‘Grief is that thing with feathers’

The poet, Robert Adamson, whom I follow on Facebook, has been writing of his experience in rescuing a small bird, whom he named Spinoza, and of helping this bird to heal, to grow and in time to fly.

One day soon, Adamson reports the bird will be big enough to join his other bird friends in the wild, and that will be a sad day for Adamson, who has come to love this bird.

Spinoza in turn has helped his rescuer to get over some health concerns, to get outside more, and in a sense to fly.

In his musings about Spinoza, Adamson quotes a line from Emily Dickinson, words that have not left me since I first read them.

‘Grief is that thing with feathers.’

These words conjure up the image of a bird in flight, a bird traveling to and from, a bird that abandons you.

I have long thought of grief as something that travels in waves, and to be sure, although I have had my share of misfortune, I have yet to suffer real grief, deep grief, the sort that doubles you over.

I have lost loved ones, watched a young niece die, and watched my mother and father die, though the deaths of my parents seemed timely.

I have suffered disappointments as well, but never the mind numbing grief that leaves a person diminished and changed forever.  Not that I am asking for such a load, but still I am curious about how it might be.

I suppose, as in all things, there are levels of grief and levels of loss. These I have known and I have sat with others through their own unbearable grief at the loss of loved ones, at miscarriages, at broken hearts.

It seems strange to be writing this, as if I am inviting it upon my head.

It reminds me of a notion I held as a child, that if you spoke out loud about something, you most likely made it happen. Therefore it was important to keep your dangerous thoughts to yourself, even from yourself, which was the hardest thing of all to do.

This morning in my sleep, punctuated by my need for a pee, I dreamed I used the oven as a toilet. Somehow I managed to ease my body into the cold oven, whose door was wide open and I peed onto its baking tray.  As I peed I realised how unsanitary this must be and decided to stop mid stream. Then I pulled out the baking tray and washed it down the sink.

A dream perhaps of putting things into the wrong place, and of realising my mistake before it is too late.

Have I done this of late, put things in the wrong place, and talked to people about things I should not have shared with them?

It’s not unheard of. My impulse, whenever I feel overwhelmed by some event, is to share it with another person whom I trust will understand.

Recently, I talked to a writing friend about my experience of a writing workshop several weeks ago. It’s a long story but one in which a large group of women sat around in a circle to discuss their experience as writers.

At one point during this workshop, after I had raised the issue of my four times edited manuscript to the person running the group and talked about my difficulties of getting said manuscript published, her response was one of, ‘Sometimes you need to know when it’s time to let things go.’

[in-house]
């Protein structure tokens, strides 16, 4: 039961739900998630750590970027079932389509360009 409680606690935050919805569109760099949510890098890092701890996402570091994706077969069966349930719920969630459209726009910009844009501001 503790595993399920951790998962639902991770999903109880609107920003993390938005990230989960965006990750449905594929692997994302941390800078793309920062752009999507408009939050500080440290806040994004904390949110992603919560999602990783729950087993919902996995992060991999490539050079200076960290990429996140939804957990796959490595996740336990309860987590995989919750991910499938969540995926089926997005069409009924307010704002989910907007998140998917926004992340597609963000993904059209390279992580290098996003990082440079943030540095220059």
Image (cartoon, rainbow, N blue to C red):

Somehow these words derailed me. They hit a raw nerve, of grief, perhaps.

I had hoped she would say something like, ‘Stick with it. Rejections happen often. You just need to persevere.’

I’m good at persevering, not so good at giving up.

Anyhow, after the lunch break where I chose to sit alone nursing my wounds because I could not see how else I could deal with them, the discussion continued around the idea of the importance of not chasing publishers all the time, of knowing when a project should be abandoned, of knowing when to give up and of starting something new.

And as the woman who ran the group spoke these words, as I sat in my place at the tables, which they had set up to form a horse shoe of sorts, tears rolled down my cheeks.

I kept my head lowered. I tried not to let it show. In order not to let it show, I wrote down the words the leader of the group was saying onto my notepad.

No one in the group said anything about my tears and I have no idea whether anyone from this large group of women noticed them but no one alluded to my distress and the speakers spoke on, and I wrote down their words as a way of holding myself together.

Whether it was in my imagination or whether it was a fact for the entire group, I sensed the energy in the room drop. It was as if everyone in the room began to feel some wash of grief as well, as the leader continued to talk about the importance of knowing when enough is enough.

I made it through to the afternoon tea break and escaped to the toilets outside where I could let myself howl.

I howled it out, whatever it was. My disappointment in this woman’s words. The way I heard her telling me to stop this project of mine and move onto another.

I managed to get out a last sob, wash my face, dry my tears, pull myself back in place and go back for the final session before the end of the workshop.

During the last short writing exercise in which the organisers wanted us to write out our plans for the next year, I found myself writing down words to the effect: ‘Fuck you. I’ll show you. I’ll get this book published.’

Ten minutes before we were due to finish, the organiser asked each of us in turn to outline in a few words what we would take away with us from the workshop. People spoke with optimism and determination about the year ahead and of what they would do to improve their writing practice.